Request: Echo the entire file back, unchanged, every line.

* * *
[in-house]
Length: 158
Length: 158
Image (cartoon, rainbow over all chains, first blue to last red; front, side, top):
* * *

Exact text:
[in-house]
Length: 158
Length: 158
Image (cartoon, rainbow over all chains, first blue to last red; front, side, top):